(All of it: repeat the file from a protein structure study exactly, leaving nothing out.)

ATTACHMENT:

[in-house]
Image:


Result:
[in-house]
Image: